Black History Month: A Salute to Harriet Tubman

Harriet Tubman was born to enslaved parents in Dorchester County, Maryland, and originally named Araminta Harriet Ross. Her mother, Harriet “Rit” Green, was owned by Mary Pattison Brodess. Her father, Ben Ross, was owned by Anthony Thompson, who eventually married Mary Brodess. Araminta, or “Minty,” was one of nine children born to Rit and Ben …

Black History Month: A Salute to Sarah Boone

Born in the Deep South—in Summit, Pike County, Mississippi—in 1832, Sarah Boone made her name by inventing the ironing board. Boone was a rarity during her time, a female African-American inventor. In her patent application, she wrote that the purpose of her invention was "to produce a cheap, simple, convenient and highly effective device, particularly …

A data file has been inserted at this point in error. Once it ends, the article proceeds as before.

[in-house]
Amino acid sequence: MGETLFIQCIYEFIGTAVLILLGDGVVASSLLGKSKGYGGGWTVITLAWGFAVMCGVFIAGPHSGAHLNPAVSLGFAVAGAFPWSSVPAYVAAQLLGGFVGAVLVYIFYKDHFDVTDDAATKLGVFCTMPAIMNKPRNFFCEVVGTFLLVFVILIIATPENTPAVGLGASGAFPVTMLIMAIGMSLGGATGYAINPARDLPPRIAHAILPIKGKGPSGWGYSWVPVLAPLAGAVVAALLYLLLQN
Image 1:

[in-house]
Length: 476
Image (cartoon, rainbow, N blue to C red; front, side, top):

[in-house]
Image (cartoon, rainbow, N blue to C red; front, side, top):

Black History Month: A Salute to Zora Neale Hurston

Born on January 7, 1891, in Notasulga, Alabama, writer Zora Neale Hurston created several acclaimed works of fiction, including the novel Their Eyes Were Watching God. She was also an outstanding folklorist and anthropologist who worked to record the stories and tales of many cultures, including her own African-American heritage. Her birthplace has been the …

Black History Month: A Salute to Dr. Shirley Ann Jackson

Shirley Ann Jackson, born in 1946 in Washington, D.C., has achieved numerous firsts for African American women.  She was the first black woman to earn a Ph.D. from Massachusetts Institute of Technology (M.I.T.); to receive a Ph.D. in theoretical solid state physics; to be elected president and then chairman of the board of the American …

Black History Month: A Salute to Serena Williams

American tennis player Serena Jameka Williams was born on September 26, 1981 in Saginaw, Michigan. The youngest of Richard and Oracene Williams's five daughters, Serena Williams, along with her sister Venus, would eventually dominate the sport at various times throughout her career, capturing 15 Grand Slam singles and 13 Grand Slam doubles titles. Serena's father—a …